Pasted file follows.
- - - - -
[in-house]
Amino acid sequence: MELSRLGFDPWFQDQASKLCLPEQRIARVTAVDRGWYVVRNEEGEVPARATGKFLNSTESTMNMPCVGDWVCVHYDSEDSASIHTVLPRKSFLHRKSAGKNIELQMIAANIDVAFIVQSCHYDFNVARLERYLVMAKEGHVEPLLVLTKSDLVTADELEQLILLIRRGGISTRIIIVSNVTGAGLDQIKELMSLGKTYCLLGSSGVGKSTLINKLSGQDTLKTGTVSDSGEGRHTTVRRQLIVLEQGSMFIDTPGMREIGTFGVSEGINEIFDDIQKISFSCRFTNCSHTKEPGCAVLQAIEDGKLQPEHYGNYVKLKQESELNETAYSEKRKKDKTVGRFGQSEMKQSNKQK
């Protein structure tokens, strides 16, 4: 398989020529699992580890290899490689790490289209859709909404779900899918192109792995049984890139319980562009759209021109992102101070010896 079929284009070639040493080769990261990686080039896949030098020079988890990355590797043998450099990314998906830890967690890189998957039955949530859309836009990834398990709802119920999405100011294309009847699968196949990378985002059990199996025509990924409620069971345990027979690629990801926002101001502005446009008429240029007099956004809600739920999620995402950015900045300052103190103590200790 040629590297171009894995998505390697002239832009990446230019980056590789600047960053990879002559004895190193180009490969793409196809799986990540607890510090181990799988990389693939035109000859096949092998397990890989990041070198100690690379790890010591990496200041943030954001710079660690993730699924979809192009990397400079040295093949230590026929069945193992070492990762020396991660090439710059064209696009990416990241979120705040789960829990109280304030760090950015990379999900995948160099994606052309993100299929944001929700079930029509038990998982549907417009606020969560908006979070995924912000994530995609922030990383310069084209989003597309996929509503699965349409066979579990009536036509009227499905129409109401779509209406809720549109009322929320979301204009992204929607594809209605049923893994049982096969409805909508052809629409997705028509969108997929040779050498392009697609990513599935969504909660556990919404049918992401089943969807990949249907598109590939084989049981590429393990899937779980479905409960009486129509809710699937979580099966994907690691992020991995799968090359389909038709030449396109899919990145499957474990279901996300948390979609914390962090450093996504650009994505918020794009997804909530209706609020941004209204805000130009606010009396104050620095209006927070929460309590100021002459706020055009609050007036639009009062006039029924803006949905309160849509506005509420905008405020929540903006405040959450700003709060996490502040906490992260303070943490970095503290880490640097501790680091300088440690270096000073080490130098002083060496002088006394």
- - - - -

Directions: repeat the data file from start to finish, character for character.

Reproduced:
[in-house]
Amino acid sequence: MELSRLGFDPWFQDQASKLCLPEQRIARVTAVDRGWYVVRNEEGEVPARATGKFLNSTESTMNMPCVGDWVCVHYDSEDSASIHTVLPRKSFLHRKSAGKNIELQMIAANIDVAFIVQSCHYDFNVARLERYLVMAKEGHVEPLLVLTKSDLVTADELEQLILLIRRGGISTRIIIVSNVTGAGLDQIKELMSLGKTYCLLGSSGVGKSTLINKLSGQDTLKTGTVSDSGEGRHTTVRRQLIVLEQGSMFIDTPGMREIGTFGVSEGINEIFDDIQKISFSCRFTNCSHTKEPGCAVLQAIEDGKLQPEHYGNYVKLKQESELNETAYSEKRKKDKTVGRFGQSEMKQSNKQK
């Protein structure tokens, strides 16, 4: 398989020529699992580890290899490689790490289209859709909404779900899918192109792995049984890139319980562009759209021109992102101070010896 079929284009070639040493080769990261990686080039896949030098020079988890990355590797043998450099990314998906830890967690890189998957039955949530859309836009990834398990709802119920999405100011294309009847699968196949990378985002059990199996025509990924409620069971345990027979690629990801926002101001502005446009008429240029007099956004809600739920999620995402950015900045300052103190103590200790 040629590297171009894995998505390697002239832009990446230019980056590789600047960053990879002559004895190193180009490969793409196809799986990540607890510090181990799988990389693939035109000859096949092998397990890989990041070198100690690379790890010591990496200041943030954001710079660690993730699924979809192009990397400079040295093949230590026929069945193992070492990762020396991660090439710059064209696009990416990241979120705040789960829990109280304030760090950015990379999900995948160099994606052309993100299929944001929700079930029509038990998982549907417009606020969560908006979070995924912000994530995609922030990383310069084209989003597309996929509503699965349409066979579990009536036509009227499905129409109401779509209406809720549109009322929320979301204009992204929607594809209605049923893994049982096969409805909508052809629409997705028509969108997929040779050498392009697609990513599935969504909660556990919404049918992401089943969807990949249907598109590939084989049981590429393990899937779980479905409960009486129509809710699937979580099966994907690691992020991995799968090359389909038709030449396109899919990145499957474990279901996300948390979609914390962090450093996504650009994505918020794009997804909530209706609020941004209204805000130009606010009396104050620095209006927070929460309590100021002459706020055009609050007036639009009062006039029924803006949905309160849509506005509420905008405020929540903006405040959450700003709060996490502040906490992260303070943490970095503290880490640097501790680091300088440690270096000073080490130098002083060496002088006394």